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American Artists against War, 1935–2010

David McCarthy (Author)

Available worldwide

Hardcover, 272 pages
ISBN: 9780520286702
July 2015
$49.95, £37.95
Beginning with responses to fascism in the 1930s and ending with protests against the Iraq wars, David McCarthy shows how American artists—including Philip Evergood, David Smith, H. C. Westermann, Ed Kienholz, Nancy Spero, Leon Golub, Chris Burden, Robert Arneson, Joyce Kozloff, Martha Rosler, and Coco Fusco—have borne witness, registered dissent, and asserted the enduring ability of imagination to uncover truths about individuals and nations. During what has been called the American Century, the United States engaged in frequent combat overseas while developing technologies of unprecedented lethality. Many artists, working collectively or individually, produced antiwar art to protest the use or threat of military violence in the service of an expansionist state. In so doing, they understood themselves to be fighting on behalf of two liberal beliefs: that their country was the guarantor of liberty against empire, and that modern art was a viable means of addressing the most compelling events and issues of the moment. For many artists, creative work was a way to participate in democratic exchange by challenging and clarifying government and media perspectives on armed conflict. Charting a seventy-five-year history of antiwar art and activism, American Artists against War, 1935–2010 lucidly tracks the continuities, preoccupations, and strategies of several generations.
List of Illustrations
Introduction: Violence, Art, and the American Century

1. Artists against War and Fascism
2. Doom
3. End Your Silence
4. A Network of Artist-Activists
5. Not in Our Name

David McCarthy is Professor of Art History at Rhodes College and author of The Nude in American Painting, 19501980; Pop Art; and H. C. Westermann at War: Art and Manhood in Cold War America.
"An outstanding volume... American Artists Against War, 1935-2010 is a major contribution to the growing history of American political art."—Paul von Blum Truthdig
"McCarthy. . .writes elegant descriptions of artwork and pairs them with strong analysis. Thus individual artworks function like landing places throughout the book: the reader moves from one discussion to the next, picking up historical context and expert opinions along the way."—Chapter 16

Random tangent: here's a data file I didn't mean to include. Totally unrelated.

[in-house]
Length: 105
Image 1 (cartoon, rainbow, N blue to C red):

"American Artists against War, 1935–2010 is a welcome addition to scholarship on twentieth-century American art. Well researched and sensitive to the specificities of historical context, David McCarthy’s work offers a broad overview of artists’ opposition to warfare undertaken in the name of capitalist democracy."—Jody Patterson Journal of American History
"David McCarthy’s book is an important contribution to the history of twentieth-century American political art, demonstrating the remarkable number of artists who created and curators and critics who promoted antiwar art. This text should be of broad interest to both scholars and general readers."—Cécile Whiting, author of Pop L.A.: Art and the City in the 1960s

"In this dauntingly ambitious yet highly accessible book, McCarthy has accomplished something completely unique. Though many have written about art inspired by war, this is the first comprehensive attempt to contextualize it within the political history of a seventy-five-year period. Further, as the title suggests, it places a greater focus than previous works on the role of artist as citizen in time of war, thus demonstrating that creative activism has a long and proud trajectory in this country."—Nina Felshin, curator, writer, activist, and editor of But Is it Art? The Spirit of Art as Activism

<p>Martha Rosler, <em>Tron (Amputee)</em>, from <em>Bringing the War Home, House Beautiful</em>, 1970. Photomontage, as printed in <em>Goodbye to All That!,</em> 13 October 1970, 14.</p> <p>Joyce Kozloff<em>, Targets</em>, 2000. Photographers: Jon and Anne Abbott. Courtesy Joyce Kozloff and DC Moore Gallery, New York.</p> <p>Coco Fusco<em>, A Room of One's Own</em>, 2006-08. Photograph by Eduardo Aparicio.</p> <p>David Smith<em>, False Peace Spectre,</em> 1945. Private collection, New York. Photograph courtesy Washburn Gallery, New York. Art © The Estate of David Smith/Licensed by VAGA, New York, NY.</p> <p>Rockwell Kent<em>, Heavy Heavy Hangs Over Thy Head</em>, 1946. Columbus Museum of Art, Ohio: Museum Purchase, Derby Fund, from the Philip J. and Suzanne Schiller Collection of American Social Commentary Art 1930-1970. 2005.013.201</p> <p>James Gill<em>, The Machines</em>, 1965. Oil on canvas, 71 × 46 in. (180.3 × 116.8 cm). Courtesy of the artist.</p> <p>Edward Kienholz<em>, The Portable War Memorial</em>, 1968. Museum Ludwig, Cologne. © Kienholz, courtesy L.A. Louver, Venice, California. </p> <p>Kay Brown<em>, The Black Soldier</em>, 1969.</p> <p>Enrique Chagoya<em>, When Paradise Arrived</em>, 1988. Courtesy of the artist and the di Rosa Collection.</p> <p>Sue Coe, <em>Bomb Shelter?,</em> 1991. Copyright © 1991 Sue Coe. Courtesy Galerie St. Etienne, New York.</p> <p>Daniel Heyman, <em>This Was the Only Time They Took the Bag Off</em>, 2006. Courtesy of the artist and Cade Tompkins Projects.</p> <p>Colin Matthes, <em>War is Trauma</em>, 2010. Print run for “Operation Exposure: War is Trauma,” Iraq Veterans Against the War and Justseeds Artists’ Cooperative.</p>

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